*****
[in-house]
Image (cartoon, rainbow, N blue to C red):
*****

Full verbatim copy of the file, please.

[in-house]
Image (cartoon, rainbow, N blue to C red):